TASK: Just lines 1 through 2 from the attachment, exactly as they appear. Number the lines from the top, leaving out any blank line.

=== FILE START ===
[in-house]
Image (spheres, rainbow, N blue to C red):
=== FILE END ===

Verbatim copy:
[in-house]
Image (spheres, rainbow, N blue to C red):